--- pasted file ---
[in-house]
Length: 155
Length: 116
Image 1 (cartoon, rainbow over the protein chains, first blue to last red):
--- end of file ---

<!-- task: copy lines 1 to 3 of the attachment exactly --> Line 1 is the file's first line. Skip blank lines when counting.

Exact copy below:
[in-house]
Length: 155
Length: 116